Finn’s capacity for quick learning on the job was stretched further when PAE was purchased in February 2020 by a special purpose acquisition company (SPAC), a “blank check” company that’s formed for the purpose of purchasing another business to take public.
“This transaction was very complicated, since it was both parts an M&A transaction and also a going-public transaction,” Finn says. The acquisition phase is an involved process—working with internal stakeholders to gather documentation to facilitate due diligence on the company, ensuring the necessary documentation is completed and approved, negotiating the complete purchase agreement, preparing public company filings, and so on.
The typical process for a company to go public via an IPO takes about eighteen months to unfold. In PAE’s case, it took a fraction of that time. SPACs are initially funded by investors, even before the acquisition target has been identified. When the transaction closes, the target company emerges as a publicly listed company. And, despite the accelerated timeframe, Finn was responsible for leading all of PAE’s related internal legal work.
“Going public created the need for in-house securities regulation expertise and manpower to support compliance and cyclical reporting—quarterly and annual reports and proxy statements, for example. PAE decided to build in-house expertise. Although the finance team leads certain filing efforts, I review every draft of every document,” she says. “My professional development has continually accelerated at PAE, and I am constantly learning more about the financials underlying the reports, so I understand them much better. Plus, I’m able to notice company-specific inconsistencies that outside counsel might not pick up on.”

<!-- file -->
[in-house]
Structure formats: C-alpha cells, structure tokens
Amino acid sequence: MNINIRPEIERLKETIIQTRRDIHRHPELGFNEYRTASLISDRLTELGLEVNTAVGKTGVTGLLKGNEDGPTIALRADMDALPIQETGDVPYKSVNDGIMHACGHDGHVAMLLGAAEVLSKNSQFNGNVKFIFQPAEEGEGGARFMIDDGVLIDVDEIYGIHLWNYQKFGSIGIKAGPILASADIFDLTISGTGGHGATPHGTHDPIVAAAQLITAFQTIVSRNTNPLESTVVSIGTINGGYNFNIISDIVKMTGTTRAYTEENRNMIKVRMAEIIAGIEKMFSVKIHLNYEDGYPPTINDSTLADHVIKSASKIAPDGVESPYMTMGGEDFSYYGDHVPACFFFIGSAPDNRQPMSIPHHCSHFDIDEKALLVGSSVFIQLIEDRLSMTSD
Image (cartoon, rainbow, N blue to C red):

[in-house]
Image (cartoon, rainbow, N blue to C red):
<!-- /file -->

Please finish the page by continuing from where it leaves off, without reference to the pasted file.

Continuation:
COVID-19 restrictions haven’t slowed her down. Finn assigns many projects to her team—and then stays out of it. “I want them to have meaningful tasks, more than administrative responsibilities. If there are questions or concerns, I’m always available, but we frequently set aside blocks of time to cover several topics in a single session, rather than have a series of one-off conversations,” she says.
Despite the seemingly endless workflow, Finn strives to simply roll with it. “My manager frequently reminds us that ‘the perfect is the enemy of the good’ and it’s become a sort of mantra,” she says. “I do the best job I can in the time allotted, and then try to move on to the next fire.”
Interpersonal skills have played a key role in her success. “As a global company, PAE’s workforce is necessarily diverse, and I often work with employees and vendors in countries across the world. It’s essential to remember that they are all just people trying to get their jobs done, and have a lot going on in their lives. That helps personalize the remote interactions.”
“Stephanie is a smart, thoughtful, and diligent lawyer. She is a critical member of the PAE team and is particularly skilled at analyzing complex legal issues in an efficient and effective manner.”
–Sean Donahue, Partner